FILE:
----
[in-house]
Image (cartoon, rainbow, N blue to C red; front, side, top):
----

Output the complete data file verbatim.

[in-house]
Image (cartoon, rainbow, N blue to C red; front, side, top):